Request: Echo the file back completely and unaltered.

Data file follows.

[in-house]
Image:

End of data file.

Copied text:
[in-house]
Image: